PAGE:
The graves of the Franklin expedition
10 August 2013 | Beechey Island
Today, after a further 15 hours of voyage, we arrived on Beechey Island, just to the SW of Devon Island, where we encountered a lot of pack ice in and around the area.
There are 4 graves on the beach, of which 3 of members of the Franklin expedition who died here during the winter of 1845/46. After about 50 years of numerous attempts by the British to discover the NW Passage (and open a direct trade route to Asia), the British Admiraltyfinally sent John Franklin to the Arctic with a crew of 128 and the two strong boats Erebus and Terror. Both ships were state of the art, with 25 hp engines, and had been in Antarctica a few years before. Franklin and his men spent the first winter in the ice here on Beechey Island, and then went down the Peel Sound where they spent another two years enclosed in the ice, before they all perished. Many died from lead and food poisoning of the newly developed cans of food they had taken along to fight scurvy. The rest died from hunger, cold and cannibalism. The expedition went down as the biggest disaster in British exploration history.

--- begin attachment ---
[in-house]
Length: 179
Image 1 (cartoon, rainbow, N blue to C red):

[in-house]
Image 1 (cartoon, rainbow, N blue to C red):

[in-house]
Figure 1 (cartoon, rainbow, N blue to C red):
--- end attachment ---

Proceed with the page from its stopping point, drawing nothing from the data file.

The boats and most graves were never found, despite the many search expeditions that were subsequently sent by the British Crown and Franklin’s wife. During these search expeditions, more mapping of the area took place until the passage to the east of King William Island was found. During 1903-1906, Amundsen finally was the first person to sail the Passage on board his Gjoa with a crew of 6. He spent two years in today’s Gjoa Haven with local Inuits to learn how to hunt, dress, dog sled and survive in the Arctic, knowledge which he later used in his conquer of the south pole. While in the area, he also researched the magnetic north pole and was the first person to prove that it is not a fixed point but constantly moving.
In any case, Beechey Island is a place with a lot of history and it is fascinating to be here, in this desolate, lonely place.